Monday 9 December 2019

Evangelical tale of spreading the word of God to maggot-breeding aliens with 16 toes

The Book of Strange New Things; Michel Faber; Canongate, hdbk, 592 pages, £18.99

Anthony Cummins

In Under the Skin (2000), Michel Faber's first novel, a quadruped named Isserley is surgically transformed into a busty woman so she can drive around the Highlands abducting hitchhikers to process as food for export to her own civilisation back home. Faber doesn't explain where Isserley comes from, or how she wound up in Scotland, focusing instead on meatier questions, as grisly thrills modulate into a moving meditation on what it means to be human.

Faber's new book resumes his interest in aliens and adds to it his interest in religion (in his 2009 novella The Fire Gospel, a scholar discovers a forgotten account of Jesus's death). We follow Peter, a Christian minister recruited by a shadowy US corporation establishing a colony on another planet (Faber doesn't say where). His task there is to leave the air-conditioned safety of the base to spread God's word to the natives who give the colonists food in exchange for medicine.

With 16 toes, faces like conjoined foetuses, and voices akin to "a field of brittle reeds and rain-sodden lettuces being cleared by a machete", the locals have learnt English from another pastor, now ominously Awol. Peter can't glean his predecessor's fate any more than he can distinguish between the seemingly sexless natives, who excrete where they stand and breed maggots from their own corpses (that's where that food they trade comes from).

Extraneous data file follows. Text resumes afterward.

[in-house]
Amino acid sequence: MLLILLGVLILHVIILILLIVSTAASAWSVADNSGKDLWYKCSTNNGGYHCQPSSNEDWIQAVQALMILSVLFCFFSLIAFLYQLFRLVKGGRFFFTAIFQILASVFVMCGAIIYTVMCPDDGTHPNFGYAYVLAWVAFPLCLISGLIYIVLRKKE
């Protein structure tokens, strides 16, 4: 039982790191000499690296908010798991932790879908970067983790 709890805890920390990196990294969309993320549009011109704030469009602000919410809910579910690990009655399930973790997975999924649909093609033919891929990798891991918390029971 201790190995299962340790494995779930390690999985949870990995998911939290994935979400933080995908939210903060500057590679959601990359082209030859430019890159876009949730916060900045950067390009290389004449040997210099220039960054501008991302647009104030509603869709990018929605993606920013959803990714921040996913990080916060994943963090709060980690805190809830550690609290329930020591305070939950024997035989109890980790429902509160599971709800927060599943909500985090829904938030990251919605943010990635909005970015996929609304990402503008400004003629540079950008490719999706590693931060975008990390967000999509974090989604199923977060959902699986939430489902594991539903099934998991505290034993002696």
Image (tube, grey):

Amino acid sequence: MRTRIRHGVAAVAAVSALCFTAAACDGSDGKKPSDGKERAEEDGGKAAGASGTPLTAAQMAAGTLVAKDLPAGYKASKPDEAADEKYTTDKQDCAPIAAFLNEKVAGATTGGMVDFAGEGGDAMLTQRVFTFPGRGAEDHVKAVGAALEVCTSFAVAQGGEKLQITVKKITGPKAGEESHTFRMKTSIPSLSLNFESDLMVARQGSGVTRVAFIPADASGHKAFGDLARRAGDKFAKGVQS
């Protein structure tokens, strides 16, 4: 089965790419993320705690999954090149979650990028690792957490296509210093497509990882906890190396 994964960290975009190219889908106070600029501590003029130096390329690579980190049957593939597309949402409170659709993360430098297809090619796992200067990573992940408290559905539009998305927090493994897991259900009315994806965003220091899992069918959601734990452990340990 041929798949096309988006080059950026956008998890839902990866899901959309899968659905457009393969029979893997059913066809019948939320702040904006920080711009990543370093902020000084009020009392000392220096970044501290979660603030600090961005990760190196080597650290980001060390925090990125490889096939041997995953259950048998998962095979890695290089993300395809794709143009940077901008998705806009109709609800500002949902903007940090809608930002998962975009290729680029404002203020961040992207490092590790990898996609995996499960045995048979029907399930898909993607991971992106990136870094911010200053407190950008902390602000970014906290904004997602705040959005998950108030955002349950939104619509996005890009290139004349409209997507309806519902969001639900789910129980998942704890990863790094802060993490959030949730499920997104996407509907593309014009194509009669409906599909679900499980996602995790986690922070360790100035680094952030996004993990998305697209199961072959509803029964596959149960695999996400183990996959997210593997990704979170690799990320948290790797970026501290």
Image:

In Under the Skin, dialogue is key: dramatic irony grows as Isserley tries to gauge through small talk whether her latest target has any family who'd call the police. Dialogue is central here, too, with poignant comedy in Peter's frustrated attempts to coax out what he believes is his congregation's latent humanity, narrowly conceived.

Misunderstanding also blights communication with his wife, a nurse who saved him from bygone days as a thieving drunk. Flush with the joy of evangelism, Peter can't see that the news from London is not good: there's mass flooding, Tesco's gone bust and we're at war with China.

Faber refuses to translate the hieroglyphs he uses to render the native language, which would have undermined what he has to say about difference and respect.

He writes the sort of novel you might press on a bookish teenager (I mean this as a compliment), entertaining but intent on making us kinder, more open. It's a great performance, and a mature one: where Under the Skin needed a car crash to bring matters to a close, here Faber leaves things more delicately poised, his offstage apocalypse making Peter's trip home scarier than the trip out.

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